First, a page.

Thursday, November 16, 2006

Ongbat? Ong-what???

Was at K's place last weekend for a mini-feast and thought I would share my recipe for onglet aka Hanger Steak.

First off, there is only one onglet per steer. That's right, only one. The more onglet you order, the more steers need to die to satisfy your cravings, but it's so worth it. The hanger steak sits on the bottom of the animal and kinda, well, "hangs" there from the diapraghm of the steer. It's a stringy cut of meat that's V-shaped, marbled and oh so delicious. Most importantly, it's not well-known in America so you can seem very continental to your friends.

The problem with this exclusivity is that it's difficult to find in most supermarkets. Don't confuse this with a plain, old flank steak. This steak takes commitment. Chances are you will need to order it from your butcher.

Which brings me to another point: go find yourself a good butcher. One who knows what he's talking about and can order what you need. Need onlget for a special dinner? No problem. Need fifty pounds of veal bones for stock? He'll get it. It's a love affair in the truest sense of the word. Just say the word and in a couple days there is your meat, cut and trimmed specially for you (to your specifications), wrapped elegantly in butchers paper and ready for your culinary expertise.

Like I said, the onglet is v-shaped with an inedible center seam that must be removed (or at least left uneaten). My personal recommendation is to have your butcher cut out the center seam, leaving two long halves that can then be butterflied to even out the thickness and prepared for grilling.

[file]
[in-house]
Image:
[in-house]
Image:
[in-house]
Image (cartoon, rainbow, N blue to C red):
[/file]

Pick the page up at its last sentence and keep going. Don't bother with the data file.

Grill or pan sear, the choice is yours. Either way, the hanger steak is meant for medium and nothing more. If you're a well-done kinda steak eater then please click off my blog and get away.

For K's party, I chose a simple preparation of freshly ground pepper and Hawaiian Ala'e Red Salt. I like to use both liberally. Meanwhile, make sure you are preheating your oven to 375 degrees Farhenheit. In a saute pan, heat up a little oil and add a couple pats of butter once the oil is hot. Wait for the fizziness to subside and then sear the steaks on both sides for two mintues.

Once seared, transfer steaks to a roasting pan and into the oven for 8 to 10 minutes. This should result in nicely medium steaks. Once finished, put aside and let them rest for about five minutes before serving.

If you're interested in making a sauce for the steak, reheat the pan and deglaze with a bit of white wine, reduce by half, add some butter, add a little dark chicken stock, reduce by half, pull from the heat and whisk in a little dijon mustard. If you've allowed the steaks to sit, there should be some au jus - whisk that into the sauce and you're good to go.

While hot steamed rice is preferred and frites are a nice accompaniment, R's corn casserole did the trick just nicely...